The following year he portrayed Agent Dylan Rhoades in Now You See Me 2 (2016) and executive produced the romantic drama Anything (2017). He returned to Broadway in the revival of the Arthur Miller play The Price (2017) at the American Airlines Theatre. Ruffalo acted opposite Danny DeVito and Tony Shalhoub. Marilyn Stasio of Variety wrote, "Ruffalo and DeVito clearly get a kick out of the buying and selling rituals of Victor and Solomon. There is warmth in their tones and mutual respect in their exchange of confidences".[36]

In 2019 he starred as Robert Bilott in the Todd Haynes directed legal thriller Dark Waters which he also produced. The film co-starred Anne Hathaway, Tim Robbins, Bill Pullman, and Victor Garber. During this time he reprised his role of Bruce Banner in Thor: Ragnarok (2017),[37] Avengers: Infinity War (2018),[38][39] Captain Marvel (2019),[40] and Avengers: Endgame (2019).[41] He has been noted for spoiling the endings of Avengers: Infinity War a year ahead of theatrical release,[38][39] as well as Avengers: Endgame a few weeks ahead of release.[41]


In 2020 Ruffalo portrayed dual roles of Dominick Birdsey / Thomas Birdsey in the HBO limited series I Know This Much Is True where he also served as an executive producer. Daniel D'Addario of Variety wrote, "Ruffalo’s performances carry the series. This is his two-man show, with supporting characters glimmering in and out".[42] For his role he earned the Primetime Emmy Award for Outstanding Lead Actor in a Limited or Anthology Series or Movie. Ruffalo has continued to appear as Bruce Banner / The Hulk in Shang-Chi and the Legend of the Ten Rings (2020)[43] and in the Disney+ series She-Hulk: Attorney at Law (2022).[44] In 2022 he acted in the Netflix science fiction action comedy The Adam Project opposite Ryan Reynolds, Jennifer Garner, and Zoe Saldana.

In 2023 he starred in the Yorgos Lanthimos directed black comedy fantasy film Poor Things starring Emma Stone and Willem Dafoe. The film premiered at the Venice International Film Festival where it received the Golden Lion. Maureen Lee Lenker of Entertainment Weekly wrote, "Ruffalo appears to be having the time of his life, chewing the scenery with a manic glee. He's built a career playing solid, decent men, and what fun it is to watch him play a reprobate cad [and] a puffed-up vainglorious peacock, a man whose ego is the size of an entire continent".[45] He received Critics' Choice, Golden Globe, and Academy Award nominations for his performance. The same year, he played Daniel LeBlanc in the Netflix miniseries All the Light We Cannot See (2023). The series is based on Anthony Doerr's Pulitzer Prize winning novel of the same name[46] and was released November 2, 2023.[47]

In 2024 he is set to portray Hieronymous Marshall in the Bong Joon-ho directed science fiction film Mickey 17. Ruffalo will act opposite Robert Pattinson, Steven Yeun, and Toni Collette. The film is based on the novel Mickey7 by Edward Ashton.[48]

Personal life[edit]

Ruffalo with wife Sunrise Coigney at the red carpet of What Doesn't Kill You in 2008

Ruffalo married Sunrise Coigney in 2000. They have three children.[49][50]

After completing work on the film The Last Castle, Ruffalo was diagnosed with a vestibular schwannoma, a type of brain tumor also known as an acoustic neuroma. The tumor was found to be benign; however, the surgery to remove the mass resulted in partial facial paralysis and affected his hearing.[51] The paralysis subsided after a year, but Ruffalo remains deaf in his left ear.[52]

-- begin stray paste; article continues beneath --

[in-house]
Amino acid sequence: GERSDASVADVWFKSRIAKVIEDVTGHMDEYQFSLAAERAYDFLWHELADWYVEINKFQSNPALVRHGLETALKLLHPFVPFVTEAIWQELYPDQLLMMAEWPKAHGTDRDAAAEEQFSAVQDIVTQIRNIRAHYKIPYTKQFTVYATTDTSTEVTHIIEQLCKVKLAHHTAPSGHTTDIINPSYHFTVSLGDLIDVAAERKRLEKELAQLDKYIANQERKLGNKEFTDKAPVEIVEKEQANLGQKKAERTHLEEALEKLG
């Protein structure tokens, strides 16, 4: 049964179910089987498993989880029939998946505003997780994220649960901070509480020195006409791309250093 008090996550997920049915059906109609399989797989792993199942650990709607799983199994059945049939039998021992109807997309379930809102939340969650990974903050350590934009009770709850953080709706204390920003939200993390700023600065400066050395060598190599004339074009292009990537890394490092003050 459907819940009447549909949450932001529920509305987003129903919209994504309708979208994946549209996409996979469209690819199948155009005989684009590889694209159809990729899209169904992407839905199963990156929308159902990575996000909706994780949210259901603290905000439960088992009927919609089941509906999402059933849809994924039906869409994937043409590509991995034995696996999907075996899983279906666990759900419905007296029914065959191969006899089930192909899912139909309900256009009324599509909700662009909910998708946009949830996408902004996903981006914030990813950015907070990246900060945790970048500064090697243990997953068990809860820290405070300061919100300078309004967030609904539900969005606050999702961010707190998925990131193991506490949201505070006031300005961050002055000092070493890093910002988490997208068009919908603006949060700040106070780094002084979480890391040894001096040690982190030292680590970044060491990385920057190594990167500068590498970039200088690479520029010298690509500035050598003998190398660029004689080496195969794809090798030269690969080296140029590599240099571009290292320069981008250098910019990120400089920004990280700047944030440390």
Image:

On December 1, 2008, Ruffalo's younger brother, Scott, was found outside his home on North Palm Drive in Beverly Hills with an execution-style bullet wound to the head.[53][54] Scott was taken to a hospital, but died the following week.[55] The case remains unsolved. [56]

Ruffalo and his family live in Sullivan County, New York, and he describes the Catskills as his "home". Ruffalo also owns two apartments in New York City, one for business and another as an investment.[57] Ruffalo's mother and stepfather live in Boothbay Harbor, Maine, where he and his family occasionally spend their summers.[58]

In May 2022, Ruffalo was sued by residents of Ellenville, New York for not cleaning up a fire that broke out on the set of a car dealership that was used as a location for I Know This Much Is True.[59] The lawsuit claims that the residents suffered physical and emotional injuries and added that the fire caused damage to their homes and exposed them to toxic fumes.[60]

Activism and political views[edit]

Ruffalo with Medal of Honor recipient Retired U.S. Marine Corps Cpl. Kyle Carpenter in 2014


In the 2016 election, Ruffalo supported Democratic candidate Bernie Sanders.[61] While on The Late Show with Stephen Colbert, Ruffalo endorsed Senator Bernie Sanders for president in 2020 United States presidential election, stating "you know when he gets in the office, he is going to be fighting for us".[62] In June 2017, Ruffalo posted a petition on Twitter urging NBC to stop hiring white conservative commentators.[63]

Ruffalo endorsed Labour Party leader Jeremy Corbyn in the 2017 UK general election. He tweeted: "Because @jeremycorbyn offers people an alternative to the Corporate status quo, which never ends well for them, I humbly endorse Corbyn."[64][65] Ruffalo signed a letter supporting Labour Party leader Jeremy Corbyn describing him as "a beacon of hope in the struggle against emergent far-right nationalism, xenophobia and racism in much of the democratic world" and endorsed him for in the 2019 UK general election.[66]

In November 2021, Ruffalo criticized the not guilty ruling in the case of Kyle Rittenhouse in his hometown of Kenosha, Wisconsin and said the people shot by Rittenhouse were murdered.[67][68][69] In April 2022, Ruffalo urged voters to check voter ID requirements in their states through posts to his social media. Ruffalo cited VoteRiders as a source of assistance for voter ID requirements across the United States.[70][71]